4. A complication is that the October 1930 Monthly Weather Review (page 433) mentions a tropical cyclone in the eastern Pacific that died out over the Bay of Campeche on 20 October. Is the data good enough to tell if the Gulf system actually originated in the eastern Pacific or instead was a separate development (as currently proposed)?

[The Northeast Pacific tropical cyclone was likely a hurricane – 983 mb reported with a calm, two other reports of 50 kt max winds – that made landfall around 12Z on the 18th near 19.5N 105.0W. The newly added tropical cyclone in the Gulf of Mexico had its genesis at about the same time, 600 nm to the east. It is highly unlikely that the Gulf system originated from the strong tropical cyclone in the Northeast Pacific.]

Additional Notes:

System #1: See the comment above about the quality of the HWM frontal analyses. It is likely this system was extratropical and should be left out of HURDAT. However, the data should be re-checked in case this was a tropical cyclone in close proximity to a front, especially since an extratropical transition at 34N 75W in late August would be unclimatological.

[All available observations have been utilized for 12 hourly analyses of this system. While having a cyclone undergo extratropical transition near 35N 75W in late August is unusual, the observations and analyses do support that this did occur.]

System #2: Are any data available from St. Lucia or the other islands closer to the time of the aircraft report? The data presented does not conclusively rule out that a small tropical storm passed near St. Lucia or St. Vincent after the 8 AM St. Lucia ob, although a “100 miles an hour” system appears unlikely. Please provide more detail on other obs from this area and some charts for the binder.

[Unfortunately, no additional observations are available for this system. It is agree that the data presented does not preclude that a small tropical storm passed near St. Lucia or St. Vincent on the 6th. The Historical Weather Maps for the 7th and 8th are now included in the binder.]

System #3: The committee concurs with leaving this system out of HURDAT.

Other comments: The Monthly Weather Review indicates two systems that should be investigated to see if they should be included in HURDAT, or for possible inclusion in the Additional notes section.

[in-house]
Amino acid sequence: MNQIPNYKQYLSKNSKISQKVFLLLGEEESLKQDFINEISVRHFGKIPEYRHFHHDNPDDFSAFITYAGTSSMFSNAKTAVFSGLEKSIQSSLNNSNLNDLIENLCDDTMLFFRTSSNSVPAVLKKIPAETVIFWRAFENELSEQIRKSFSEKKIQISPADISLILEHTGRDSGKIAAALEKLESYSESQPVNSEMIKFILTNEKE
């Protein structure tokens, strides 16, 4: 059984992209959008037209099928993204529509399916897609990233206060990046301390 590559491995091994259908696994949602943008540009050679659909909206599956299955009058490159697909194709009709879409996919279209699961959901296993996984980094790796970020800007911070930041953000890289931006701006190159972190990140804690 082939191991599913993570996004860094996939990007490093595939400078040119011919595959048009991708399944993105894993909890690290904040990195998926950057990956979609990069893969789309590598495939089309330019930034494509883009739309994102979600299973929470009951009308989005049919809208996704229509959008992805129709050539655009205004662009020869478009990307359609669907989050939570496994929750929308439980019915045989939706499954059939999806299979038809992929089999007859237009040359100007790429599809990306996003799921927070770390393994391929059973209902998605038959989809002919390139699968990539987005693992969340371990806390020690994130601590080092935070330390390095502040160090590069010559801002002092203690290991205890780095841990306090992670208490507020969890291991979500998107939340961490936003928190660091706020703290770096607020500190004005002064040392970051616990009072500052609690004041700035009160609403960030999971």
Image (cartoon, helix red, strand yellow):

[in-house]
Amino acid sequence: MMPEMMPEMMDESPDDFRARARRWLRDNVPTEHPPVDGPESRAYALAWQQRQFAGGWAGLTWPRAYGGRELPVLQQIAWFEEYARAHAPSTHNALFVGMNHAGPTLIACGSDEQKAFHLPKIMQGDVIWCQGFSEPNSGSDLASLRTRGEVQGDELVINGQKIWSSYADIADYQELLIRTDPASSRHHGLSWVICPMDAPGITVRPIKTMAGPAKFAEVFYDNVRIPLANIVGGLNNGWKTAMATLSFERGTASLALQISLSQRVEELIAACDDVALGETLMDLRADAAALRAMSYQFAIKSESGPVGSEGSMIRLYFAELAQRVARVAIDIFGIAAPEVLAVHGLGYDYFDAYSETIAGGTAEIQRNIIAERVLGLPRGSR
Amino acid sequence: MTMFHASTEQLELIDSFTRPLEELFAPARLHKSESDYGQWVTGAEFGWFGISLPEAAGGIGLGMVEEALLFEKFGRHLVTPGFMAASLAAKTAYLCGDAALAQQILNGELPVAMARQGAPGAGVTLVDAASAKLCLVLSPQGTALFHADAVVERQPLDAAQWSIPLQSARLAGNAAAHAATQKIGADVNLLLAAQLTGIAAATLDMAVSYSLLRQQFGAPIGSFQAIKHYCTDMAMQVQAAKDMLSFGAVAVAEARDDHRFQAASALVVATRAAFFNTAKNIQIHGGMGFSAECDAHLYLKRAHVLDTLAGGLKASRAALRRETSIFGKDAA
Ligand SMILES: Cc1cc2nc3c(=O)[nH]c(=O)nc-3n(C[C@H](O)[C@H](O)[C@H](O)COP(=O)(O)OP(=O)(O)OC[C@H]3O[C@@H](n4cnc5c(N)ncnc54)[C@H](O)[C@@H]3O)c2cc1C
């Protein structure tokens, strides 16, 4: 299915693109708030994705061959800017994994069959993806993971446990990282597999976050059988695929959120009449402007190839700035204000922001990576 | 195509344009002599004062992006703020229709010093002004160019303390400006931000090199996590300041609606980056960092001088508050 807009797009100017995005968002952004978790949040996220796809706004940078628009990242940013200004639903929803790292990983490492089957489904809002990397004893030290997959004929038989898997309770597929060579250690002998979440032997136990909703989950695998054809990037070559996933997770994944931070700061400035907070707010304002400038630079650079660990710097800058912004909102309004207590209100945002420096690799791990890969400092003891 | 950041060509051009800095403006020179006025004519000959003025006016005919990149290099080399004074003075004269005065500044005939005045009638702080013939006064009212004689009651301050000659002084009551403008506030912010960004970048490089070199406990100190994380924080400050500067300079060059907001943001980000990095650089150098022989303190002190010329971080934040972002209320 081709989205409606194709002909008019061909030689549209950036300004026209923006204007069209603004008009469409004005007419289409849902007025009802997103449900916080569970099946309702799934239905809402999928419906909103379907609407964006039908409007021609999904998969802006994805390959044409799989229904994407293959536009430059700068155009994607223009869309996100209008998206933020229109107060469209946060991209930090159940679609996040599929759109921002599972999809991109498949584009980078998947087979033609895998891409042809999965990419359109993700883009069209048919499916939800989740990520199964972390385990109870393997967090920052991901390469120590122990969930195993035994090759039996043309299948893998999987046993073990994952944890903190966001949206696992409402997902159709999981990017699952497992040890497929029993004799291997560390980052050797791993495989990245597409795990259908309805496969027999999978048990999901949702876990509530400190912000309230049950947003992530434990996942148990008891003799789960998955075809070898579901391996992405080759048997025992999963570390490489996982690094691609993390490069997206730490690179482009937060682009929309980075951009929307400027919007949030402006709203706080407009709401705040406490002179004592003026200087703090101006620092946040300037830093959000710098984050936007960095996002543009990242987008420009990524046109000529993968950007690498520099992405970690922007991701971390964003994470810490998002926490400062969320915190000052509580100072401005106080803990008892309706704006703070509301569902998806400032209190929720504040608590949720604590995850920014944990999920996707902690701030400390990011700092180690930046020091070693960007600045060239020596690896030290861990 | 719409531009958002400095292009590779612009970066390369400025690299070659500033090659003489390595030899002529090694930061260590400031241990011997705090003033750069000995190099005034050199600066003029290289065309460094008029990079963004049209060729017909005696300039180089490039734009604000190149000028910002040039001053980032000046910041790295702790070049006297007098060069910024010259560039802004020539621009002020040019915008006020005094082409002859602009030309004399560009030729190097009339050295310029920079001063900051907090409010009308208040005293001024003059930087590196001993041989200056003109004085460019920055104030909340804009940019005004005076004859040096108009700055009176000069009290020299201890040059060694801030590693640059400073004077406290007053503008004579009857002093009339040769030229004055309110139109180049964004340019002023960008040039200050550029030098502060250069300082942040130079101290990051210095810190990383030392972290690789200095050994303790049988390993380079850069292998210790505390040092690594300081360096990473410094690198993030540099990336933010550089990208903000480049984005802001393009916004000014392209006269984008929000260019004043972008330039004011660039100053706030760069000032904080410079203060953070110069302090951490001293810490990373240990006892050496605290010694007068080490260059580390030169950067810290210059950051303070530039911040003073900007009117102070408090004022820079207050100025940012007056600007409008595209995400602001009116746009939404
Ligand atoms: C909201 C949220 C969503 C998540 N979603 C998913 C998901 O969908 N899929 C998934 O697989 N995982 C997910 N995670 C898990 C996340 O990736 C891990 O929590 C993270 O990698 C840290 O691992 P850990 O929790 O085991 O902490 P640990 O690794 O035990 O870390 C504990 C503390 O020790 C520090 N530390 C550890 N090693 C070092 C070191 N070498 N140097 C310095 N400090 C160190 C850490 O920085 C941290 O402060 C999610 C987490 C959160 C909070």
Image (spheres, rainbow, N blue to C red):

1. The May Monthly Weather Review mentions a low that crossed the Gulf of Mexico 29-30 May and affected Florida. The HWM show a non-frontal low over the western Gulf of 29 May and a 1000 mb low merging with a front over the eastern Gulf on 30 May. There is one reported gale wind on 29 May in the Gulf. This system should be investigated to see if it was a subtropical or tropical cyclone prior to merging with the front, and how good the frontal analysis was.

[The Historical Weather Maps, Monthly Weather Review and COADS ships data show that a cyclone formed in the central Gulf of Mexico late on the 29th of May, moved northeastward and making landfall in Florida on the 30th, and merged with a strong baroclinic low on the 31st east of the U.S. mid-Atlantic states. While the system was organizing late on the 29th, a frontal boundary had moved into the Gulf of Mexico. It appears that the system was extratropical throughout its short lifetime. Highest winds observed were 30 kt from a ship and lowest pressure was 1001 mb, both on the 30th (though the environmental pressures were also quite low). (Note that the HWM chart wind barbs are plotted in mph, not kt. Thus the 3 ½ barbs are 35 mph/30 kt, not 40 mph/35 kt. This is confirmed in COADS, as this ship’s observations are available in there as well.) No Florida U.S. Weather Bureau land stations observed tropical storm force winds. Given that the system did not have tropical storm force winds and that it was extratropical, the cyclone will not be added into HURDAT.]

2. The June Monthly Weather Review tracks chart shows a low that meandered across the Florida Peninsula on 14-16 June. It is likely that this was a tropical depression or less, but it should be examined just in case.

[The Monthly Weather Review and COADS indicate that tropical depression formed in the eastern Gulf of Mexico on the 14th of June, made landfall over South Florida on the same day, and meandered northward over the Florida peninsula during the next two days. No gale force winds were reported from ships in the COADS data set, nor did any U.S. Weather Bureau stations report any tropical storm force winds. Lowest pressure reported was 1010 mb on the 14th. It is possible that this system reached tropical storm intensity, but with no observed winds higher than 25 kt, the cyclone will not be added into HURDAT.]



One additional comment was received from the NHC Best Track Change Committee in December 2010:

We've finished deliberating on the proposed new storm #3 of 1930. The committee vote (not counting mine), was two votes in favor of including the system in HURDAT as a tropical or subtropical storm, two votes in favor of not calling it a tropical or subtropical storm, and one abstention.  After examining the data, I think the evidence that the cyclone shed its frontal character is not conclusive enough, and based on this the committee recommends that this system be left out of HURDAT.

This system may be more along the lines of a frontal hybrid - developing an inner wind core and/or central convection while still retaining some frontal character.  Whatever the case, it developed enough tropical characteristics that the discussion that you've put together should be included in the possible other systems section for 1930.

[Agreed. The system is included in the Additional Notes of the 1930 metadata